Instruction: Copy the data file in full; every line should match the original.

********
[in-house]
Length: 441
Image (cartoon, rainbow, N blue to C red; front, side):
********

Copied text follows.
[in-house]
Length: 441
Image (cartoon, rainbow, N blue to C red; front, side):